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angrymnk wrote:
Maybe he is finally listening to advice he is getting.
That moment when you realize the voices in your head are smarter than you are.
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#959 Feb 13 2018 at 12:05 PM Rating: Excellent
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The Air Bud rule is a lie.
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The Kansas Secretary of State’s Office ruled that a dog cannot serve as the state’s governor despite the official filings by a dog’s owners, KWCH reports.

“While there is nothing specifically written that says a dog cannot run to lead the state, the secretary state’s office says man’s best friend is not capable of serving the responsibilities required of the governor.”
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#960 Feb 13 2018 at 12:52 PM Rating: Good
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Jophiel wrote:
whatever article wrote:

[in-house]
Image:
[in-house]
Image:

the secretary state’s office says man’s best friend is not capable of serving the responsibilities required of the governor.
I'm pretty sure a dog can harass their secretary just as well as any bipedal nominee.
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#961 Feb 13 2018 at 7:58 PM Rating: Decent
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Jophiel wrote:
gbaji wrote:
Jophiel wrote:
Except the House GOP voted to block the official Democratic response to the memo
Not remotely true.

No, there was literally a vote the same day (Jan 29) as the vote to release the memo and the vote for the Democratic response was literally voted down in the House Intelligence Committee along party lines. This is using the actual definition of "literally", by the way.